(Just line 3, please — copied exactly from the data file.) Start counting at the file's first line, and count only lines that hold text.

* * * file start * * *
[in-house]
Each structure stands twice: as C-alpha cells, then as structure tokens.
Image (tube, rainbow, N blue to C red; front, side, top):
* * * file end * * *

Image (tube, rainbow, N blue to C red; front, side, top):